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### Section 3.11 : Related Rates

3. For a certain rectangle the length of one side is always three times the length of the other side.

1. If the shorter side is decreasing at a rate of 2 inches/minute at what rate is the longer side decreasing?
2. At what rate is the enclosed area decreasing when the shorter side is 6 inches long and is decreasing at a rate of 2 inches/minute?

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Hint : The equation needed here is a really simple equation. In fact, so simple it might be easy to miss…
a If the shorter side is decreasing at a rate of 2 inches/minute at what rate is the longer side decreasing? Show All Steps Hide All Steps
Start Solution

Let’s call the shorter side $$x$$ and the longer side $$y$$. We know that $$x' = - 2$$ and want to find $$y'$$.

Now all we need is an equation that relates these two quantities and from the problem statement we know the longer side is three times shorter side and so the equation is,

$y = 3x$ Show Step 2

Next step is to simply differentiate the equation with respect to $$t$$.

$y' = 3x'$ Show Step 3

Finally, plug in the known quantity and solve for what we want : $$\require{bbox} \bbox[2pt,border:1px solid black]{{y' = - 6}}$$

Hint : Once we have the equation for the area we can either simplify the equation as we did in this section or we can use the result from the previous step and the equation directly.
b At what rate is the enclosed area decreasing when the shorter side is 6 inches long and is decreasing at a rate of 2 inches/minute? Show All Steps Hide All Steps
Start Solution

Again, we’ll call the shorter side $$x$$ and the longer side $$y$$ as with the last part. We know that $$x = 6$$, $$x' = - 2$$ and want to find $$A'$$.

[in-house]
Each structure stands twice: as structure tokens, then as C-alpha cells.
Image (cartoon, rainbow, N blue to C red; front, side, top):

The equation we’ll need is just the area formula for a rectangle : $$A = xy$$

At this point we can either leave the equation as is and differentiate it or we can plug in $$y = 3x$$ to simplify the equation down to a single variable then differentiate. Doing this gives,

$A\left( x \right) = 3{x^2}$ Show Step 2

Now we need to differentiate with respect to $$t$$.

If we use the equation in terms of only $$x$$, which is probably the easiest to use we get,

$A' = 6x\,x'$

If we use the equation in terms of both $$x$$ and $$y$$ we get,

$A' = x\,y' + x'y$ Show Step 3

Now all we need to do is plug in the known quantities and solve for$$A'$$.

Using the equation in terms of only $$x$$ is the “easiest” because we already have all the known quantities from the problem statement itself. Doing this gives,

$\require{bbox} \bbox[2pt,border:1px solid black]{{A' = 6\left( 6 \right)\left( { - 2} \right) = - 72}}$

Now let’s use the equation in terms of $$x$$ and $$y$$. We know that $$x = 6$$ and $$x' = - 2$$ from the problem statement. From part (a) we have $$y' = - 6$$ and we also know that $$y = 3\left( 6 \right) = 18$$. Using these gives,

$\require{bbox} \bbox[2pt,border:1px solid black]{{A' = \left( 6 \right)\left( { - 6} \right) + \left( { - 2} \right)\left( {18} \right) = - 72}}$

So, as we can see both gives the same result, but the second method is slightly more work, although not much more.